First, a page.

Anthony Brennan found inspiration for his breakthrough products in an unlikely source: sharks. Brennan, a University of Florida professor of materials science and engineering, had been looking for a way to keep barnacles from sticking to ship hulls. He wondered why sharks didn't attract barnacles and algae the way whales do. Brennan discovered that microscopic textures on sharkskin make the creatures resistant to barnacles--as well as to bacteria.

Now his company, Sharklet Technologies, recreates those textures to produce germ-deflecting surfaces for hospital countertops, medical devices, office desks, and even iPhone cases. So far, the Aurora, Colorado-based company has raised more than $5 million from investors. "People are surprised that we found such an elegant, environmentally friendly solution from such a fierce predator," says Sharklet CEO Mark Spiecker.

Like Sharklet, other companies are turning to nature for bold ideas about how to solve a range of complex human problems. In the burgeoning field of biomimicry, brine shrimp inspire a new way to preserve DNA, and bees influence energy-saving technology.

The concept of biomimicry, or "bioinspiration," isn't exactly new; Leonardo da Vinci modeled many of his inventions and designs on what he saw in nature and the human body. But lately, interest in the field has been growing. In 2013, the number of biomimicry patents increased 27 percent compared with the prior year, according to the Da Vinci Index, published by Point Loma Nazarene University in San Diego, which tracks the field.

"We've only scratched the surface," says serial entrepreneur and investor Larry Stambaugh of Rubicon Venture Capital. "Nature may have already solved nearly every problem we face today." Stambaugh, who helped the San Diego Zoo launch its Center for Bioinspiration to assist companies in developing new products, wants to create a venture fund and tech transfer incubator to give biomimicry startups the support they need to get off the ground.

For companies interested in tapping Mother Nature, more resources are becoming available. Some universities, including the University of Akron and Arizona State University, have launched biomimicry programs and offer licensing deals. And some consulting firms specialize in nature-inspired innovations. "There was a time when people said, 'Bio what?' " says Janine Benyus, a biologist who has worked with companies--including Nike and Boeing--to reformulate products using biomimicry. "Now people ask, 'Why can't my company come up with something this novel and sustainable?' " Recently, her consultancy, Biomimicry 3.8, analyzed tick and mosquito digestion to find ways to remove bloodstains in hospital laundries with less chlorine.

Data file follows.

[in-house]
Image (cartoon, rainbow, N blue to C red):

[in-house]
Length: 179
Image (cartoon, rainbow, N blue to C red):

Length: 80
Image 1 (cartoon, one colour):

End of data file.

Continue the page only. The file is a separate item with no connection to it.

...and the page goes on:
Biomimicry may hasten the development of new ecofriendly materials, particularly when combined with 3-D printing technology. For instance, a furniture startup wanting cushy material for a chair might be able to print it out of material based on the cellular structure of plants, says Benyus. It makes sense to look to the environment for greener products. "Nature is pretty smart," says Stambaugh. "It throws away the things that don't work and keeps those that do. There's so much to learn from it."

Cribbed From Mother Nature

A handful of companies that have drawn inspiration from biology:

Energy-saving technology
Inspiration: Bees
Regen Energy designed software based on the "swarm logic" of bees. With that technology, heating and cooling units work together wirelessly to maximize energy efficiency.

Preservative for DNA
Inspiration: Brine shrimp
Remember Sea-Monkeys? Biomatrica copied the mechanism that protects them as they dry to create a method for preserving DNA and RNA.

Inspiration: Geckos
Felsuma's adhesive product, Geckskin, was influenced by the gecko and its ability to walk on walls. Geckskin forms a strong bond but can be easily removed without any residue.

3-D design software
Inspiration: Human bones
Influenced by the way bones develop in the human body, Altair created 3-D design software for products like planes and cars. The program builds up density where there is more stress and thins out the design where there is none.

Find Your Bioinspiration

Four tips for gathering ideas from the natural world:

1. Ask questions. Like many innovations, those based on biomimicry often start with curiosity. Before you design a product, ask yourself: What do I want the product to do? "If you want to create a waterproof coating," says Biomimicry 3.8's Benyus, "you should look at organisms that repel water and their underlying design principles."

2. Browse the research. provides a free searchable database of ways that nature solves problems--for example, to allow honeybees to land gently and jackrabbits to regulate their internal temperature. You can also peruse research on Google Scholar.

3. Get up close with Flora and Fauna. Biomimicry 3.8 takes designers on one-week expeditions through Costa Rica, where they learn about biomimicry and observe nature while hiking, kayaking, snorkeling, and walking on the beach. Teams solve real-life design problems using what they learn in the rainforest and the ocean. The San Diego Zoo's biomimicry program works with companies to develop, say, better packaging or new industrial materials.

4. Tap local networks. Several organizations host local events to connect you with university professors and biomimicry experts. Among them: Great Lakes Biomimicry in Cleveland; Biomimicry NYC; Biomimicry Oregon in Portland; and the Bay Area Biomimicry Network.